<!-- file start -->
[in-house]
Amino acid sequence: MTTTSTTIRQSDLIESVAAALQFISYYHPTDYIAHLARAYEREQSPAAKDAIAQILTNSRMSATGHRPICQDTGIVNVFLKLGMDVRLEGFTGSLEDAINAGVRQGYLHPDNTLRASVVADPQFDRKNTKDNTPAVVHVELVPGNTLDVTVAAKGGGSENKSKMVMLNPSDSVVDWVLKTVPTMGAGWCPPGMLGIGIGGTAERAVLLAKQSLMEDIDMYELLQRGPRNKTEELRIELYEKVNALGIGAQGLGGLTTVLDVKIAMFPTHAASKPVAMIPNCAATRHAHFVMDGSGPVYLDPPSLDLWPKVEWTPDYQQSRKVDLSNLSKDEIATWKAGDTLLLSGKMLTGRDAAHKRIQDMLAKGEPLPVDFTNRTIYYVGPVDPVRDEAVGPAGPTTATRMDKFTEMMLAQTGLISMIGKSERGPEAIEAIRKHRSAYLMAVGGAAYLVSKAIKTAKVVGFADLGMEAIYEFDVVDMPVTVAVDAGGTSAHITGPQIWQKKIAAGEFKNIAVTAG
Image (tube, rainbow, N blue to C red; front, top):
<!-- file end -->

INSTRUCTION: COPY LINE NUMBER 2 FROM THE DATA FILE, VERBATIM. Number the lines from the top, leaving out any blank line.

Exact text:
Amino acid sequence: MTTTSTTIRQSDLIESVAAALQFISYYHPTDYIAHLARAYEREQSPAAKDAIAQILTNSRMSATGHRPICQDTGIVNVFLKLGMDVRLEGFTGSLEDAINAGVRQGYLHPDNTLRASVVADPQFDRKNTKDNTPAVVHVELVPGNTLDVTVAAKGGGSENKSKMVMLNPSDSVVDWVLKTVPTMGAGWCPPGMLGIGIGGTAERAVLLAKQSLMEDIDMYELLQRGPRNKTEELRIELYEKVNALGIGAQGLGGLTTVLDVKIAMFPTHAASKPVAMIPNCAATRHAHFVMDGSGPVYLDPPSLDLWPKVEWTPDYQQSRKVDLSNLSKDEIATWKAGDTLLLSGKMLTGRDAAHKRIQDMLAKGEPLPVDFTNRTIYYVGPVDPVRDEAVGPAGPTTATRMDKFTEMMLAQTGLISMIGKSERGPEAIEAIRKHRSAYLMAVGGAAYLVSKAIKTAKVVGFADLGMEAIYEFDVVDMPVTVAVDAGGTSAHITGPQIWQKKIAAGEFKNIAVTAG